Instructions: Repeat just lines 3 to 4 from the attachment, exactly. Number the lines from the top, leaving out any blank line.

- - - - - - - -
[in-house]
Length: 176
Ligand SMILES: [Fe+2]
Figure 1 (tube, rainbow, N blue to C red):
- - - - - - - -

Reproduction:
Ligand SMILES: [Fe+2]
Figure 1 (tube, rainbow, N blue to C red):